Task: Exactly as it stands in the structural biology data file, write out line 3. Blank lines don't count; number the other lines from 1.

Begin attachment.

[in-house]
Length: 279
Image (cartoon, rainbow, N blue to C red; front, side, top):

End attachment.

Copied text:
Image (cartoon, rainbow, N blue to C red; front, side, top):